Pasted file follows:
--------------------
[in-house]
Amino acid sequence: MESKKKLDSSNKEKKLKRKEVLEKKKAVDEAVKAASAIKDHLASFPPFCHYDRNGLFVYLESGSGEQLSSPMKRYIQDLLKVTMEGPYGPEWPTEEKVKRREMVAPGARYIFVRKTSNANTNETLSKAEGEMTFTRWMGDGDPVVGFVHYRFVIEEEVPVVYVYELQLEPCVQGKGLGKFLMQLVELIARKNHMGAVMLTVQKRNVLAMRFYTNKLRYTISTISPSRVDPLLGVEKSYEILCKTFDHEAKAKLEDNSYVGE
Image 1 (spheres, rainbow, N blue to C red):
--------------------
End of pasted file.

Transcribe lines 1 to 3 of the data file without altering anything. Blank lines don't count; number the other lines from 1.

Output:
[in-house]
Amino acid sequence: MESKKKLDSSNKEKKLKRKEVLEKKKAVDEAVKAASAIKDHLASFPPFCHYDRNGLFVYLESGSGEQLSSPMKRYIQDLLKVTMEGPYGPEWPTEEKVKRREMVAPGARYIFVRKTSNANTNETLSKAEGEMTFTRWMGDGDPVVGFVHYRFVIEEEVPVVYVYELQLEPCVQGKGLGKFLMQLVELIARKNHMGAVMLTVQKRNVLAMRFYTNKLRYTISTISPSRVDPLLGVEKSYEILCKTFDHEAKAKLEDNSYVGE
Image 1 (spheres, rainbow, N blue to C red):